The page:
- A new report from the HHS inspector general compared deaths among Medicare beneficiaries in nursing homes in 2019 and 2020.
- The researchers found that 22.5% of Medicare beneficiaries died in care centers in 2020, a 32% increase from the 17% who died in 2019.
- Mortality rates were higher each month last year than in 2019, with particularly devastating spikes in April and December
- Medicare beneficiaries age 85 and older saw the biggest increase in death rates, ranging from 23% to 30%.
- Asian Medicare enrollment in nursing homes saw the largest increase in mortality, with 27% of deaths in 2020 compared to 17% in the previous year.
On Tuesday, a government watchdog reported that deaths of Medicare patients in nursing homes rose last year amid the COVID-19 pandemic.
The report from the Department of Health and Human Services (HHS) inspector general found that 22.5 percent of Medicare beneficiaries died in care centers in 2020.
This represents a 32 percent spike from 2019 when 17 percent of Medicare beneficiaries died in nursing homes and an increase of 169,291 more deaths.
What’s more, two in five Medicare recipients in nursing homes had or possibly had COVID-19 in the past year, reflecting the virus’s devastating spread among the nation’s most vulnerable.
“We knew it would be bad, but I don’t think those of us who work in this field thought it would be that bad,” said Dr David Grabowski, a professor of health policy at Harvard University. Reporting for the Associated Press.
‘It wasn’t someone who was going to die anyway. We are talking about a really high number of deaths.
A new report from the watchdog found that 22.5% of Medicare beneficiaries died in care centers in 2020, a 32% increase from the 17% who died in 2019. Image: A patient is loaded into an ambulance by emergency medical workers outside Cobble Hill Health. Center in Brooklyn, New York, April 2020
Mortality rates were higher each month last year than in 2019, with particularly devastating spikes in April and December
Investigators used a generally accepted method to estimate ‘excess’ deaths in a group of people after a catastrophic event.
This did not involve checking individual death certificates of Medicare patients, but comparing total deaths in nursing homes to levels recorded in the previous year.
The technique was used to estimate deaths in Puerto Rico after Hurricane Maria in 2017 and in New York City after the first coronavirus surge last spring.
It does not state the cause of death, but is seen as a barometer of the effect. so
The report found that the death rate was higher every month last year, when there were two devastating spikes eight months apart, compared to 2019.
In April of last year, a total of 81,484 Medicare patients died in nursing homes, or about 6.3 percent — much higher than the 3.5 percent who died in April 2019.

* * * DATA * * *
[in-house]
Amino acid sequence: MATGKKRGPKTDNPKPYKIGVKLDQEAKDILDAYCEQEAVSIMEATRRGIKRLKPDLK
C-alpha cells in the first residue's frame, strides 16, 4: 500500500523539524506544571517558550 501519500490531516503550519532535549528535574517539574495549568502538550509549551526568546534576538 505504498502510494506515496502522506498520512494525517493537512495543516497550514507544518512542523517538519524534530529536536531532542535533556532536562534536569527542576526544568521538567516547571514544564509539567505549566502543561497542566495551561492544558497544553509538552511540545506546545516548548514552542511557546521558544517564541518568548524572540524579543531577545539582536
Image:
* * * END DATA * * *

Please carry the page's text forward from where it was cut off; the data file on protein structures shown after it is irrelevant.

Eight months later, after lockdowns and frantic efforts to expand testing – but before vaccines became widely available – nursing home patients scored 74,299 in December 2019, compared to 3.8 percent in December 2020 deaths, or a staggering 6.2 percent.
“It’s happening long after it became clear that nursing homes were particularly vulnerable,” said Nancy Harrison, a deputy regional inspector general who worked on the report.
‘We really have to see it. Why did they remain so insecure?’
Federal investigators are still trying to document the chain of causes and effects.
There was no immediate response from the Centers for Medicare and Medicaid Services, which sets standards for nursing homes.
The report found that there has been an increase in mortality in every age group between 2019 and 2020.
The biggest increase was seen among Medicare beneficiaries ages 85 and older, who died at 23 percent compared to 30 percent in 2019.
The report found that the number of Medicare beneficiaries infected in nursing homes rose from 21,000 in May to about 419,00 in June.
Report found that 13 times more patients were getting infected with COVID-19 in December as compared to March
The next biggest increase was in the 75-to-84 age group, increasing from 16 percent to 21 percent.
Similar increases in both the 65 to 74 age group and the under 65 age group ranged from 12 percent to 16 percent and eight percent to 12 percent, respectively.
In another new finding, the report showed that the cases and deaths of Asian American patients were tracked with more severe effects seen among blacks and Latinos.
Indeed, Asian Medicare enrollment in nursing homes saw the highest increase in mortality, with 27 percent of deaths in 2020 compared to 17 percent in the previous year.
For whites, the death rate rose to 24 percent in 2020, up from 18 percent in 2019, a significant increase but not as pronounced.
The mortality rate for Hispanic and black patients was 23 percent last year, up from 15 percent in 2019.
The inspector general’s findings about Asians uncover a puzzle for the researchers, said Tamara Konetzka, a health economist at the University of Chicago, who also reviewed the report for the AP.
The reasons for higher cases and deaths among blacks, Hispanics and Asians are not necessarily linked to race and ethnicity. Instead, minority patients may be clustered in homes located in communities with more severe outbreaks.
Medicare beneficiaries aged 85 and older saw the largest increase in mortality, while those aged 74 or younger saw the lowest increase
A health expert said minority patients may be clustered in homes located in communities with more severe outbreaks, leading to higher infection rates.
The report also found that patients in low-income nursing homes covered by Medicare and Medicaid were more likely to have COVID-19.
The infection rate reached 56 percent for that group, and 26 percent died.
Although the facilities are closed in the month of March…